Liechtenstein can be yours for the night, if you have about $70,000 to spare. But what exactly do you get for your money? Find out if your hard-earned dollars buy you a boring state dinner or the right to slaughter the cattle of the disobedient and pick your bride(groom) from among the nation's comeliest youths.
Anything is for sale these days, including tiny landlocked countries in the Alps. The principality of Liechtenstein is up for rent, at least for a few nights at a time, at about $70,000 per night. The country is about 67 square miles, entirely landlocked, and has roughly 35,000 residents. It's strange that it is so willing to rent itself out. The nation as a whole isn't hurting for cash, as it has a high GDP per capita and very low debt. Possibly its willingness to sell itself is the reason for such economic hardiness.
Which isn't to say Liechtenstein isn't fussy about its clientele. When Snoop Dogg tried to rent it for a weekend as a backdrop for a music video it refused his offer. In fact, although it remains available, it hasn't yet been rented. This is possibly because it doesn't offer the best selection of benefits to its temporary owners. Sure, there's the possibility of sipping cocktails on Prince Hans-Adam's estate while watching a fireworks display, or having a personalized logo carved into the snow on the side of an alp, but those will run you extra. And sure, renters will have the use of the nation's police force and be presented with a symbolic key to the city. But people who rent an entire country aren't doing it for the fun, they're doing it for the power trip. Renters are looking for Stanford Prison Experiment levels of messed-up power, and they're getting a pricing scheme which allows for 150 guests, with the understanding that there will be no smoking (It's not allowed in Liechtenstein) or hot tubs (They don't have any). Okay, there can be fake currency printed up for the renters, and fake street signs put up to boost their egos, but it wouldn't be the same as real despotism.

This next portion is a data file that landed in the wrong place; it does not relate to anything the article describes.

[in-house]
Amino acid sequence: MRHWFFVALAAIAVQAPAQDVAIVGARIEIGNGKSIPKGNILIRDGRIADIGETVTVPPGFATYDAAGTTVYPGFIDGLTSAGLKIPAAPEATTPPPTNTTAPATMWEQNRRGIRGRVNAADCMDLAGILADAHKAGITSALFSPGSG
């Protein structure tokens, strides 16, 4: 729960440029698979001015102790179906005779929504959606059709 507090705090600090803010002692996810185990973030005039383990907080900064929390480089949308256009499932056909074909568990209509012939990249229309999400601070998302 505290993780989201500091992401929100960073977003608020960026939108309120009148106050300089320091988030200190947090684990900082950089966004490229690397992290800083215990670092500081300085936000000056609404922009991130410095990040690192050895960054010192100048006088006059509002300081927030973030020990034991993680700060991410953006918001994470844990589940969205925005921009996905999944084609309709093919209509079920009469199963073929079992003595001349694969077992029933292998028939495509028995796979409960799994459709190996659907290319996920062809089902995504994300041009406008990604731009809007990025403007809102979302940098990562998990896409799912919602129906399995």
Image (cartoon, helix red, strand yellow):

Perhaps Prince Hans-Adam II is reluctant to share any of his power. Unlike most rulers, he's more than just a figurehead. In 2003 he got his subjects to give him the power to appoint judges, ignore legislation that he doesn't like, and even dissolve the entire government. Some of those who didn't like the idea found animal carcasses dumped on their doorsteps in the night. He even threatened to sell Liechtenstein to Bill Gates if he didn't get his way. Voters gave him what he wanted, with 64% in favor of the new powers.
This is a shame, because as much fun as it would be to rent a country for a weekend, it would have been so much more fun to track the process of a literal rebellion against Microsoft. There is, of course, no indication that Gates was up for owning Lichtenstein in the first place, but seeing him deploying his private security forces against the rioting people of Lichtenstein would have made for one of the best war narratives ever.